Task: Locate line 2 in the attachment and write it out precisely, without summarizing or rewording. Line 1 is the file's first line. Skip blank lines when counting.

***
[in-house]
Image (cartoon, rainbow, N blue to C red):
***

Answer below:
Image (cartoon, rainbow, N blue to C red):